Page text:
Published May 2012 by HarperTeen
YA mythological romance
Borrowed from the library
Dreamless was one part angst, one part blah, and one part engaging. Overall I'd say it was sort of a wash; great for fans of All The YA, not recommended for people who are tired of all the same old, same old. I'm not sorry I read it, but I was underwhelmed.
I read Starcrossed about a year and a half ago, and it turns out I don't remember it very well. I remember that I enjoyed it (okay, my review indicates that I enjoyed it), and that's about it. So unfortunately, I can't explain to you what I was thinking at the time, but having just finished Dreamless, I really don't think Starcrossed would have been much better. Just goes to show you, tastes evolve, even in a year or so.
Anyway, Dreamless. It starts shortly after Starcrossed left off, with the impossibly perfect Helen trying to find the Furies in the Underworld in order to relieve the demigod Scions of the curse that induces members of different Houses to try to kill one another. Of course, this task is more difficult than it seems, and there are always people trying to interfere.
I will say that I like the world here. I'm a huge mythology fan, and the idea of having the gods trapped on Olympus is an interesting one. The Scions and the way they repeat the stories of previous demigods also make for a good story. Some of their abilities get a little far into the "Mary Sue" realm, but sometimes there are actually proportionate drawbacks that go with them, as in Cassandra's case.
However, as far as Mary Sues go, Helen is the kind of example that would make Laurel K. Hamilton roll her eyes. She is absolutely, stunningly beautiful, has a necklace that makes her impervious to harm, can hit people with bolts of lightning, is the only person in the known universe who can descend to the Underworld on her own, and freaking flies. Yes, Helen faces challenges, but at the same time, how many supernatural abilities can one person have? We all know the great powers=great responsibilities quote from Spiderman, but what people often forget that's crucial to keep fantasy from seeming ridiculous is that great power also has to come with some serious limitations or suspension of disbelief gets...suspended.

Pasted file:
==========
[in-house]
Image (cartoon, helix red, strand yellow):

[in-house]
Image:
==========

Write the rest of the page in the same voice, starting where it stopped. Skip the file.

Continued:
Granted, this isn't a problem unique to Dreamless, and wouldn't be quite as bad if Helen weren't so annoying. She is never, ever happy. Her perspective drips with melancholic melodrama, mostly about her former boyfriend whom she now believes is her cousin, Lucas. And in Dreamless, we are "rewarded" with the addition of yet another potential love interest, Orion, the Scion of another House. I am personally opposed to love triangles in 99 percent of all cases, so this was not a welcome development.
Nor was Lucas's inexplicable decision to make Helen hate him so they could stay apart. Why is it that YA love interests do this? Do they really think their girlfriends are too stupid or emotional to understand why they can't be together if they just explain it? Sure, it's obvious to me as the reader that Helen and Lucas are going to end up not being related, but of course there's no way for them to know that. Still, I have no clue why Lucas felt the need to push Helen away like that. This is another frustrating trend in YA novels.
Like I said, there were some engaging parts. Basically, the bits where there was real action were interesting, so that was a plus. Overall, I'd say if YA is your thing, you'll enjoy this book, but if the thought of reading about another love triangle-cum-sudden discovery of consanguinuity makes you gag, look for something else.